What were my first baby steps?  Another great piece of advice I received in regards to getting published was to submit either a human interest story or an editorial to a newspaper.  If published, the single most important thing you can insist on (because it is highly unlikely you’ll be paid) is to demand a byline.  Guess what?  You now have being published to add to your “writer’s resume.”  There is also the magazine route or even short story competition avenues you can seek to help gain experience.  The more credibility you can add to your writer’s tool box only helps to strengthen your resume.

What about you, do you find yourself starting from scratch?  I would love to hear what kinds of things you have learned along the way to finding publication.

Next week I’ll be exploring self-publishing and whether it could be another skill to add to your writer’s resume? 

Until then, 

Keep on thriving, keep on striving and keep on writing!

T.K. Millin
The Unknown Author


  1. Even though I am self-publishing, I am taking the time to be sure that what I publish isn't garbage by having an editor edit my work, hiring a graphic designer to get a nice, professional looking cover, and proofreading like a madwoman to be sure there are no errors in the final product.

    No, it's not easy, but if I want to be published AND taken seriously, it's what I have to do.

    Thanks for the great post!

  2. Bessie, thank you for the nice comments. Your comments go hand and hand with my next weeks topic. I do believe self-publishing can be a tool to add to your writer's resume and I have been meeting many self-published authors which are paving the way for the rest of us to follow. I can't wait to read your book, Holly's Story, I know it will be excellent!

  3. I completely enjoyed this post. I too have dreams of becoming a writer. I have self-published a motivational novel, but I have always wanted to write fiction. But I am often plagued by low writing self-esteem, so I haven't even tried my hand at writing fiction in quite sometime.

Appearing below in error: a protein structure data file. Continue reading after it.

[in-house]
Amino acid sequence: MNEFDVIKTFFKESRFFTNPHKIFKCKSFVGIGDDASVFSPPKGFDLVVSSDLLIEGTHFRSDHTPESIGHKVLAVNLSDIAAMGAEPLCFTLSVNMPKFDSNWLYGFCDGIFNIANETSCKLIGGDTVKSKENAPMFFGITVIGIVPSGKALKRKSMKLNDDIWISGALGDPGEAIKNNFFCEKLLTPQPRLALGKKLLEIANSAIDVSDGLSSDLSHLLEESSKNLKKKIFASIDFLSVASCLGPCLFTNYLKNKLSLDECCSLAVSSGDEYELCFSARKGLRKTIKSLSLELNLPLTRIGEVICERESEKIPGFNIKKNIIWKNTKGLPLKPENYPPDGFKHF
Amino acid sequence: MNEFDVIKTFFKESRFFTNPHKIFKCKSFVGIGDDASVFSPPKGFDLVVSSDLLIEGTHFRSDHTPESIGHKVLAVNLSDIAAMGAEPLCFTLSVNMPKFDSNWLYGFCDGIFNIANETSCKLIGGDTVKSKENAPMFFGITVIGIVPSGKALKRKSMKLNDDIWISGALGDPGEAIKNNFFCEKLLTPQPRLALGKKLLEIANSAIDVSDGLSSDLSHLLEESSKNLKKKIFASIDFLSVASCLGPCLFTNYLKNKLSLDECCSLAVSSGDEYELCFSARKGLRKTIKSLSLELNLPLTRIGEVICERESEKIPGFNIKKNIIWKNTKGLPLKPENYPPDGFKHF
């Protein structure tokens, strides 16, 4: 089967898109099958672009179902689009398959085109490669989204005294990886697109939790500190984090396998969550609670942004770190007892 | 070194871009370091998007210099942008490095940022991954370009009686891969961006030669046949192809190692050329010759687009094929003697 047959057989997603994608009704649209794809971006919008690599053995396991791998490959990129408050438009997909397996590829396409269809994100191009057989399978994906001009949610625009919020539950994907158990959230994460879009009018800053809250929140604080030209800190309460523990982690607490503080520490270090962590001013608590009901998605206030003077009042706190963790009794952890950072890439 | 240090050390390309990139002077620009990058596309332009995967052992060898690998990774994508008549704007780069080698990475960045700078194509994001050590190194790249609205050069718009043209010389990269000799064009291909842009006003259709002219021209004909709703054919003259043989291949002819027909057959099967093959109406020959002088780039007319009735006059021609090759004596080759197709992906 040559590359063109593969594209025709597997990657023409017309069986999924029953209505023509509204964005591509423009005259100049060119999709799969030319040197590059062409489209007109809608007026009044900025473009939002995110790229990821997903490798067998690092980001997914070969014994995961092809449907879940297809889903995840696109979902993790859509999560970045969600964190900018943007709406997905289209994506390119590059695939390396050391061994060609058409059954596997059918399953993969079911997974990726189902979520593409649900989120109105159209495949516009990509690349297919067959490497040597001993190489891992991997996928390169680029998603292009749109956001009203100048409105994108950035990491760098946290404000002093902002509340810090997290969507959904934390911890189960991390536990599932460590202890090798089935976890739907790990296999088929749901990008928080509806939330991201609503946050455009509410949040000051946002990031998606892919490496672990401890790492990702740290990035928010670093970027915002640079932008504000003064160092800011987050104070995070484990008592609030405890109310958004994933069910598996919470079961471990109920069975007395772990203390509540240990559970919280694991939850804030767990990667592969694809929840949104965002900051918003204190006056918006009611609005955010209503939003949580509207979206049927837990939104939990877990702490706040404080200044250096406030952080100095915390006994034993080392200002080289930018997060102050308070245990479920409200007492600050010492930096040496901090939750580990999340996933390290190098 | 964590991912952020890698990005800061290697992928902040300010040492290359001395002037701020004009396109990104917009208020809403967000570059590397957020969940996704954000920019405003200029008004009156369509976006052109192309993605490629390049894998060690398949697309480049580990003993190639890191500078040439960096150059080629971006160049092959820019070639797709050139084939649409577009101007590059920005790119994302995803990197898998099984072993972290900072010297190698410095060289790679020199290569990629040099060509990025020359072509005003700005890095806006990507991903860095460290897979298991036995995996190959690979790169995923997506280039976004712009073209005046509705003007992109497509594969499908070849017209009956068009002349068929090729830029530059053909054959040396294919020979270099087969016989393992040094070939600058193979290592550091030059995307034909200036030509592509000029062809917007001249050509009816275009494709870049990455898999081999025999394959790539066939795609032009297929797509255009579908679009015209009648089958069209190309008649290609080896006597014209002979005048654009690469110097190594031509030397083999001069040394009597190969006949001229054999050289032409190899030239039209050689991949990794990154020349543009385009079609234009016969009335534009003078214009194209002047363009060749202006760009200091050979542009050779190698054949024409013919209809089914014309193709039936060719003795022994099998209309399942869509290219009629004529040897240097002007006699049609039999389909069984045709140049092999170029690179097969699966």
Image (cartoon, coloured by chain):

After reading this post...I think I'm ready now :-)

  4. Stacey, thank you so much for the comments and all I have to say to you is, "Go for it!" When you have time, check out some of my earlier post in 2010 about how I got started and some sites that helped me along in my journey. Good luck, and I can't wait to hear about your first fiction manuscript! :)

  5. Very good post. It's true when it comes to publishing--there are no guarantees. It's dark and a bit scary.

    I have an agent working with me, but today we received our 4th rejection from the publishing houses. So there you go. Still hanging in there, but odds are that my novel will not be picked up. But I keep my chin up.

    I look forward to your post on self-publishing because that just may be the route I have to take. The thought of starting all over again from scratch is weighing on me. I'm tired. Oh wait, I;m supposed to have my chin up :)

  6. Angela, first I want to say "Kudos!" to you for pursuing your dream. Secondly, you already show you have the attributes I spoke about, faith and patience, keep believing in your story and it will be told one day.
    I look forward to next week's post too and hope I can help shed some light on the self-publishing world for it is indeed becoming very exciting!
    Talk to you next week and keep that chin up! (I find chocolate helps!) :)

  7. Looking forward to the next post, then!

    Thank you for being so supportive and encouraging!

  8. Thank you Bessie, and thank you too for your encouragement. The writing world is a unique place to live; love it!

  9. Thanks for this post. It validates what I have been feeling. Like some of the other comments, I have self-published with the intent of building my resume. Plus I blog with a dual purpose of entertaining readers while proving my writing abilities. I noticed none of your street signs said "Easy Street". Maybe that's because it doesn't exist.

  10. Thank you for the comment Audry, isn't it nice to know where not out there in the writing world all alone!
    You're very astute in noticing none of my signs said, "Easy Street," because you are exactly right it does not exist! But how sweet the reward of blood, sweat and tears is. :)